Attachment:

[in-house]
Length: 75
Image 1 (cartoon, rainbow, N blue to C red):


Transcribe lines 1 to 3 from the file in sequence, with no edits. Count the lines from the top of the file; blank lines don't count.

[in-house]
Length: 75
Image 1 (cartoon, rainbow, N blue to C red):